2) Having a heating point determining unit which reads in target shape data on a target shape of a steel plate to be bent, and steel plate shape measurement data obtained by measuring a surface shape of the steel plate; places a virtual wooden pattern formed from the target shape data on a virtual steel plate formed from the steel plate shape measurement data; rolls the wooden pattern or steel plate along a specific line on the steel plate, such as a frame line, from a predetermined reference position in a plane including a cross section of the steel plate, to bring the wooden pattern and the steel plate into contact at two points, with the contact points on the steel plate being designated as A, B, and the contact points on the wooden pattern being designated as C, D; then rolls the wooden pattern or the steel plate in the reverse direction to return it to the reference position; with the wooden pattern or the steel plate being returned to the reference position, obtains a straight line U connecting the contact points A, B and a straight line V connecting the contact points C, D; calculates the three-dimensional coordinates of a heating point on the basis of a point of intersection of the straight lines U, V, and also calculates a bending angle for the steel plate at the heating point on the basis of an angle of intersection of the straight lines U, V; after obtaining a heating point, or a heating point and a bending angle, relative to a certain reference point, repeats the same steps as described above while bringing the contact points A, C on a reference point side, which have been used in the determination of the heating point, into contact with each other to use their contact point as a new reference point, thereby calculating respective heating points, or respective heating points and respective bending angles, along a specific line up to the end of the steel plate; and further having

a heating line determining unit which reads in data on the heating points calculated by the heating point determining unit; draws straight lines from a certain heating point on a certain line, as a starting point, to heating points on other lines on the basis of data on the respective heating points; examines the degree of parallelism between each of the straight lines and a roller line involved during primary bending of the steel plate; if the degree of parallelism is within a predetermined range, performs grouping of the relevant heating points as the heating points of the same group; and connects the respective heating points of the same group by a straight line or a curve to determine a heating line; or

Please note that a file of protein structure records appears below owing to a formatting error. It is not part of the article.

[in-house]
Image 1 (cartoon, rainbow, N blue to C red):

a heating line determining unit which reads in data on the heating points and bending angles calculated by the heating point determining unit; draws straight lines from a certain heating point on a certain line, as a starting point, to heating points on other lines on the basis of data on the respective heating points; examines the degree of parallelism between each of the straight lines and a roller line involved during primary bending of the steel plate; if this degree of parallelism is within a predetermined range, performs grouping of the relevant heating points as the heating points of the same group; connects the respective heating points of the same group by a straight line or a curve to determine a heating line; and calculates the amounts of heating at the respective heating points on the basis of the data on the bending angles of the steel plate at the respective heating points; or

a heating line determining unit which reads in data on the heating points and bending angles calculated by the heating point determining unit; draws straight lines from a certain heating point on a certain line, as a starting point, to heating points on other lines on the basis of data on the respective heating points and bending angles; examines the degree of parallelism between each of the straight lines and a roller line involved during primary bending of the steel plate; if this degree of parallelism is within a predetermined range, and if the amounts of heating at the heating points determined by the bending angles of the steel plate at the respective heating points are equal to each other, performs grouping of the relevant heating points as the heating points of the same group; and connects the respective heating points of the same group by a straight line or a curve to determine a heating line.

According to the aspects 1) and 2) above, all the heating points, or heating points and bending angles, on a specific line of the steel plate can be determined automatically. Furthermore, heating lines and bending angles (amounts of heating) can be determined simultaneously. Besides, appropriate heating lines can be prepared automatically on the basis of information on the heating points. Consequently, automatic bending of a predetermined steel plate can be carried out by controlling the position of the heating unit of the high frequency heater on the basis of data on the heating lines.